Advanced Computing in the Age of AI|Thursday, July 2, 2020
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Nebulon, Cloud Storage Startup, Emerges from Stealth 

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A growing list of cloud storage startups continue to emerge as enterprises struggle to get a handle on big data while seeking to move computing closer to where data resides.

The latest entrant is Nebulon Inc., a Bay Area cloud-defined storage startup that emerged from stealth mode this week with an API-based approach designed to cut storage costs for hybrid IT.

Nebulon was launched in 2018 by early employees at 3PAR, the utility storage specialist acquired by the former Hewlett Packard in 2010. The startup’s web site lists former 3PAR CEO David Scott as Nebulon’s executive chairman. Siamak Nazari is Nebulon’s CEO, along with CTO Sean Etaati and COO Craig Nunes.

The startup is attempting to thread the needle between expensive storage arrays and server-based solid-state drives that fall short handling critical applications and hyperconverged infrastructure (HCI) requiring additional server software. The latter restricts virtual machine and application “density,” the startup asserts, along with limiting operating system and hypervisor choices.

Nebulon further argues that neither approach alone scales in terms of IT automation and self-service infrastructure, which it assumes most IT manager and app owners want.

The startup’s software-defined storage framework runs applications on servers but is promoted as consuming no server CPU, memory or networking resources. Instead, resource allocation is determined and managed in the cloud via what the startup dubs “services processing units” (SPU) linked via Nebulon’s multi-cloud control plane.

The SPU is a PCI Express storage engine installed within a customer’s application server, where it is attached to internal server SSDs. “Think of the Nebulon SPU like an array controller that has been refactored into a PCIe-based device in the style of a GPU,” CEO Nazari said in a blog post.

The approach is designed to reduce storage costs by running on commodity drives and servers. No addition server software is required that would otherwise consume CPU and memory resources to run applications, the startup said. “API-driven automation [makes] enterprise-class storage a simple attribute of the data center fabric with self-service infrastructure provisioning and storage operations as-a-service for application owners,” said Nazari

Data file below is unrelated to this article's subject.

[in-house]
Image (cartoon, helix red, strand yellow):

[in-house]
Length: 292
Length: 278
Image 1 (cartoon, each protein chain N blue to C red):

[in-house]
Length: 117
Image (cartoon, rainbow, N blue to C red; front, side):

The goal is making enterprise storage another “part of the datacenter fabric,” he added.

The storage framework attempts to cover the waterfront in terms enterprise applications, including cloud-native distributed NoSQL databases to container applications running on Kubernetes and OpenShift. Also covered are server virtualization and single instance and clustered SQL databases running on bare metal.

Among the advantages of the cloud-defined storage approach is the promised ability to offload CPU costs associated with data preparation

The startup’s early datacenter infrastructure partners include Hewlett Packard Enterprise (NYSE: HPE) and Supermicro (NASDAQ: SMCI). HPE said it would combine Nebulon’s cloud-defined storage framework with its ProLiant servers as a means of automating storage requirements.

It will also run on Supermicro’s line of Ultra servers.

Nebulon, which has raised more than $18 million in two funding rounds, emerges as industry analysts predict growing demand for software-defined storage and backbone HCI components. As enterprise storage demand soars, the hyperconverged approach has made it easier and cheaper to add capacity without the need for highly-trained IT administrators.

About the author: George Leopold

George Leopold has written about science and technology for more than 30 years, focusing on electronics and aerospace technology. He previously served as executive editor of Electronic Engineering Times. Leopold is the author of "Calculated Risk: The Supersonic Life and Times of Gus Grissom" (Purdue University Press, 2016).

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